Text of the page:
SAVE THE MITOCHONDRIA

Jim Cummins cummins at possum.murdoch.edu.au
Thu Mar 9 20:13:36 EST 1995


MASSES of stuff deleted.

>  : Richard Lee <rrcolley at uclink2.berkeley.edu> writes:

>  : Mitochondria is [sic] indeed passed solely through the line of 
matriarchy,
>   Yep, but the reason for this is _spooky!_ The mitochondrial DNA from 
the 
>  male is contained in the tail of the sperm, which breaks off before 
it 
>  can contribute its mitochondrial DNA. We are _truly_ our mothers' 
>  children, i.e., moms contribute _slightly_ more than 50% to the 
child's 
>  makeup.

Wrong, sorry.  The sperm *midpiece* contains about 30-50 mitochondria 
and in most mammals is indeed incorporated at fertilization.  In fact 
the sperm tail centrosomal material is the template (probably not 
absolutely essential) for the spindle apparatus of the first mitotic 
division.  However, the egg contains redundant mechanisms that can form 
a spindle in the absence of sperm cytoplasm, as seen in parthenogenetic 
organisms (many lizards) and in experimental situations where embryos 
and live young have been produced by fusion of isolated roudn spermatid 
(haploid) nuclei with eggs.  The first pregnancies have been announced 
in humans by this technique (references supplied if anyone's 
interested).

The jury is out as to whether maternal inheritance is due to swamping 
(1000 fold ratio of maternal to paternal mtDNA), degradation of sperm 
mtDNA (several weeks of independent activity may have worn it out), or 
selective destruction or inactivation.  Some evidence supports the 
latter, as there is ultrastructural evidence of breakdown of the sperm 
mitochondria.  

A wide survey of organisms reveals that maternal inheritance, while 
widespread, is not universal.  It's paternal in conifers, for example.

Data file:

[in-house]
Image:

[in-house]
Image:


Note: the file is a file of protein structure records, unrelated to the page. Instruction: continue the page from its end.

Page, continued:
Biparental inheritance is extremely rare (some mussels).   This has led 
Hurst to suggest that, in multicellular organisms with multiple genome 
inheritance, natural selection has produced a situation wherein one 
parent's cytoplasmic genes are invariably suppressed to avoid lethal 
"genomic conflict" (ie the cytoplasmic genes are subservient to the 
greater interest of the somatic genes and the survival of the germ cell 
lineage).

Hurst, L.D. (1992). Intragenomic conflict as an evolutionary force. Proc 
Roy Soc Lond B., 248, 135-140.
Ogura, A., Matsuda, J., and Yanagimachi, R. (1994). Birth of normal 
young after electrofusion of mouse oocytes with round spermatids. Proc 
Natl Acad Sci U S A., 91, 7460-7462.
Ogura, A., Yanagimachi, R., and Usui, N. (1993). Behaviour of hamster 
and mouse round spermatid nuclei incorporated into mature oocytes by 
electrofusion. Zygote., 1, 1-8.
Schatten, G. (1994). The centrosome and its mode of inheritance - the 
reduction of the centrosome during gametogenesis and its restoration 
during fertilization. Dev Biol., 163, 534.
Sofikitis, N., Miyagawa, I., Sharlip, I., Hellstrom, W., Mekras, G., and 
Mastelou, E. (1995). Human pregnancies achieved by intra-ooplasmic 
injections of round spermatid (RS) nuclei isolated from testicular 
tissue of azoospermic men. Las Vegas, Nevada: AUA Meeting 
Abstracts/PRISM Productions, 0616.
Yanagida, K., Bedford, J.M., and Yanagimachi, R. (1991). Cleavage of 
rabbit eggs after microsurgical injection of testicular spermatozoa. Hum 
Reprod., 6, 277-279.






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